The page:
An automatic radioactive isotope injection system would remove some of the pressure on medical staff and increase the accuracy of ictal SPECT in order to localize the seizure focus. No commercially manufactured injection system is currently available, although some epilepsy units are using injection systems of their own manufacture [79].

Our center has developed an injector system that calculates the volume of radioactive tracer to be injected over time (allowing for radioactive decay) and then quickly administers the dose automatically, making this procedure much more safe, simple and effective. Technical data of this injection system are described in Setoain et al. [10]. In this article, injection times and seizure focus localization with SPECT were analyzed in 56 patients with drug-resistant complex partial seizures who were undergoing presurgical evaluation at our hospital. Results have demonstrated that the use of such a system significantly reduces the time lag between seizure and injection.

“…automated injection systems simplify the methodology for injecting radioactive doses during seizure, making ictal SPECT more accessible.”

The final goal of the automated injection system is to improve SPECT’s diagnostic performance. The highest rate of seizure focus localization achieved by trained staff administering manual injection is 65% [10]. This has increased to 78–80% using an automated injection system [9,10].

Nursing staff and technicians appreciate the ability to monitor patients from their workstation room, rather than maintaining a constant vigil at the patient’s bedside. The injection is initiated by remote control, allowing them to perform other tasks while the patient is under observation. The degree of stress during injection is noticeably reduced with the automated system and the risk of possible accidental radioactive contamination is eliminated.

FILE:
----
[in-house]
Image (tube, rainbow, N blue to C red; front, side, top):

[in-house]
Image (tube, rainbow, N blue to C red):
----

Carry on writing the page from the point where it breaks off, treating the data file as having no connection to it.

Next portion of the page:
With short half-life radioactive tracers, the injected volume needs to be adjusted depending on time lapsed. Checking the time and calculating the correct dose is an added complication in manual injection. The automated system software generates an immediate calculation and guarantees a volume that will administrate 925 MBq with a maximum error of ±3% over a 4 h period [10].

Automated injection system software can be adapted to provide pediatric doses when needed. Other parameters can be changed, such as dead volume, which will vary if the line tube is changed in diameter or length. Expiration time for injection can also be changed, which can be more than 4 h after dose preparation if ethyl cysteinate dimmer (ECD) is used instead of hexamethylpropyleneamine-oxine. 99mTc-ECD has shown higher stability in vitro and may be more appropriate for this type of equipment. Its radiochemical purity is greater than 90% over an 8 h period, which allows tracer availability for ictal SPECT over a longer period of time [11,12].

Finally, it is important to highlight that automated injection systems simplify the methodology for injecting radioactive doses during seizure, making ictal SPECT more accessible. Benefits include the possibility of maintaining the tracer at the patient’s bedside for longer, with significantly less stress for the nurses and EEG technicians, and allowing finer adjustment of the injection dose. Early results using an automated injection system are promising in reducing injection time and improving SPECT accuracy. A commercially manufactured injection system would help extend the use of ictal SPECT to more nuclear medicine departments.

Financial & competing interests disclosure

The author has no relevant affiliations or financial involvement with any organization or entity with a financial interest in or financial conflict with the subject matter or materials discussed in the manuscript. This includes employment, consultancies, honoraria, stock ownership or options, expert testimony, grants or patents received or pending, or royalties.

No writing assistance was utilized in the production of this manuscript.

References